For the past decade, keynote speakers at the International Supercomputing Conference (ISC) have examined the major accomplishments in HPC during the preceding year. This time the talk is more ambitious. At ISC '13 in Leipzig, Germany in June, Thomas Sterling will deliver a keynote that examines the HPC accomplishments over the last decade. He plans to reveal "the true achievement of our field."
You already know Sterling, of course. He's famous as the "father of Beowulf," the commodity computing cluster he and NASA Goddard colleague Donald Becker pioneered in 1994, for which they won a Gordon Bell Prize.
He's now Professor of Informatics and Computing at the Indiana University School of Informatics and Computing, leading a team conducting research associated with the ParalleX advanced execution model for extreme scale computing. The goal: to develop a new model of computation that will enable a new generation of extreme scale computing systems and applications.
He's also Chief Scientist and Associate Director of the PTI Center for Research in Extreme Scale Technologies (CREST), Adjunct Professor at Louisiana State University, and CRSI Fellow at Sandia National Laboratories. He has co-authored six books and holds six patents. To top it off, he's one of HPCwire's People to Watch for 2013!
His speech will examine the innovations in technology and architectures in HPC, as well as their contributions to science and other fields. He'll also offer a collection of predictions for the next decade from key HPC leaders.
In anticipation of that talk, HPCwire asked Dr. Sterling to make a few predictions of his own.
HPCwire: It seems like the push toward exascale has lost some momentum over the last year. Do you think exascale will slip into the next decade?
Sterling: This is a complicated issue, but my view is that, if anything, momentum towards exascale in the US is building, not waning. There are two tracks to exascale, both being led by DOE in the US.
NNSA [National Nuclear Security Administration] is driving the incremental track. That is an attempt to extend conventional practices, both in architecture and programming, to deploy an exascale version of what we have today. This is prudent, responsible, and low-risk. It will support important mission-critical workloads, and will present a ready, if not seamless, migration path for legacy codes. However, it's likely to be limited in applicability, scalability, and efficiency for many problems.
OS/ASCR is guiding the advanced track. This approach is to create innovations in architecture, system software, and programming models and methods. It could achieve exascale-era computing systems that are truly general-purpose, usable, reliable, and cost-effective (in terms of both operations and power.) It's possible that we'll even shift paradigms to a new execution model.
NNSA is likely to deliver its incremental platform to the national labs sometime between 2018 and 2020. R&D timeline projections suggest an advanced-class system is likely by 2022 or shortly after.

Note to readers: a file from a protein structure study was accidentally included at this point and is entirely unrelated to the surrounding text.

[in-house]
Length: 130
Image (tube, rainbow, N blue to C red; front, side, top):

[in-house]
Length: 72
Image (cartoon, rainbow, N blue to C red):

Still, the process of a congressionally-validated plan is complex. Its formulation is well along and is being refined, but there are other issues related to how it moves through the obscure (at least to mere mortals such as myself) layers of authorization.
The apparent path for supercomputing is now entering a multifaceted period. We have matured, I think, beyond the adolescent obsession of the next Linpack number. The trends leading to exascale should be measured in terms of progress toward unprecedented accomplishments in science, engineering, societal, commercial, and defense-related goals. I think we are sustaining a mid-course correction that is placing us on the new trend lines: the ones that actually matter.
HPCwire: Will another nation beat the US to the exascale milestone? Which one has the best shot?
Sterling: It is possible of course that another nation will beat the US to the exascale milestone.
However, there is an unstated assumption that "the exascale milestone" is 1 exaflops Rmax [maximal LINPACK performance]. Such systems don't have to emphasize networking capability or even memory capacity (which, in combination, are the most expensive part of the system when balanced) to gain high marks. Any nation that wants the stature of being the first exascale system by this definition can probably do so in five years or slightly more, if they are willing to pay for it, by deploying a stunt machine.
Who may get to 1 exaflops Rmax first? History shows that, if not the US, it is likely to be Japan or China, but otherwise I have no deep insight. The EU is taking on new leadership in hardware and is expanding its energies in software infrastructure. Japan continues to extend its own advances with, for example, Kei and Tsubame-2. The Chinese have announced Tianhe-2, to exceed 100 petaflops by 2015.
But the US, guided by DOE programs, is pursuing opportunities with radically different approaches for true general-purpose exascale computation. The X-stack program begun in September 2012, for example, is getting dramatic improvements to efficiency, scalability, generality, and programmability, and is aggressively pursuing innovations to improve power consumption and reliability. If the milestone is general purpose exascale computing, then I think the US is in a compelling leadership position through the DOE partnership of Thuc Huang and Bill Harrod.
Still, I wish we had a science accomplishments benchmark – something like the X-prize. Perhaps some end-game computational achievement, like proving the process producing gamma ray bursts (including neutrinos); or some microbiology challenge involving viruses; or perhaps demonstrating climate change at a level that is provably predictive (and yes, I know it's inherently chaotic.) We need something that matters. We need to stop playing the horses and ensure that we can pull the plow.